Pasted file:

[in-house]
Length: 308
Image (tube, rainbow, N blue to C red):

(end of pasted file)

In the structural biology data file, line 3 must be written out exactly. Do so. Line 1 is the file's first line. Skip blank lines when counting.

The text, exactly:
Image (tube, rainbow, N blue to C red):